AS we go about our days, we may find ourselves saving prayer for the big problems, the scary issues that defy our own attempts at resolution, the situations where we feel helpless and inadequate. We try to cope the best we can on our own with the daily round of annoyances, failures, aches and pains, angers, disappointments, and anxieties. In effect, God is left out; we use Him only as a last resort or supplemental power to fill in the gaps when human ability doesn't measure up. But Christ Jesus' example and teachings -- especially the Beatitudes in the Sermon on the Mount -- should impel us to seek the blessings that follow from letting God's goodness permeate every detail of our days. In Proverbs we read, ``Trust in the Lord with all thine heart; and lean not unto thine own understanding. In all thy ways acknowledge him, and he shall direct thy paths.''1
Doesn't this urge us to approach every situation, every contact we have with others, every challenge we face, even every small decision or plan we make, with prayer? This prayer need not be lengthy. A moment of inspired understanding of God's control of a situation, of His goodness, allness, and omnipotence; a wordless yielding up of willfulness; even just responding to the peace that comes from trusting God as Proverbs urges can be a prayer that clears the way for healing to prevail in our experience.
Prayer for the little things can often prevent big problems. Big challenges are very often the accumulation of unhealed or unsolved smaller ones. More consistent, moment-by-moment prayer -- constantly recognizing God as governing our thoughts and lives -- can help keep difficulties small.
If we do find ourselves faced with a bigger challenge, our prayers for the little things will have prepared us to trust God without hesitation. We will have gained confidence from every smaller proof of God's care, and we will be ready to witness the healing power of God's omnipotence.
Recently I was reminded to pray for a little thing. I was scheduled to make an international flight alone with our small daughter. I'd rehearsed the challenge of this trip mentally and verbally to all who would listen -- but I hadn't prayed. Finally, I saw that I was assuming the inevitability of discord; I wasn't acknowledging God in all my ways. I immediately began to pray and to yield to God's assurances of care and love for all His beloved creation. I didn't know what form that care would assume, but I was at last trusting God's goodness.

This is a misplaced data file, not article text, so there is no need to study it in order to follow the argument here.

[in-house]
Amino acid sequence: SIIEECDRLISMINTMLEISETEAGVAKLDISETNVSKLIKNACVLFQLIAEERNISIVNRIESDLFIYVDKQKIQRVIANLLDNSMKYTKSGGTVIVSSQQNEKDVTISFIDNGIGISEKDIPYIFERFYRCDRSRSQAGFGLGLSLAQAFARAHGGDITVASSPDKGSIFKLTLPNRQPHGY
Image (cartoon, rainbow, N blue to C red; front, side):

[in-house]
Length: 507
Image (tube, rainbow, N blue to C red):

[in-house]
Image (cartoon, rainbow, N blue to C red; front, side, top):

Shortly before the trip, my husband was unexpectedly able to join us on our flight. We didn't have to make the trip alone after all.
As our flight took off, and I held our daughter in my arms, I was reminded of the passage with which Mary Baker Eddy, the Discoverer and Founder of Christian Science, opens the Preface of Science and Health with Key to the Scriptures: ``To those leaning on the sustaining infinite, to-day is big with blessings.''2 Our leaning can be unreserved, as a baby resting in total trust in a parent's arms. Prayer can enable us to confide in God in this way and to see the blessings this trust brings to every detail of our day.
1Proverbs 3:5, 6. 2Science and Health, p. vii.
Healing through prayer is explored in more detail in a weekly magazine, the Christian Science Sentinel.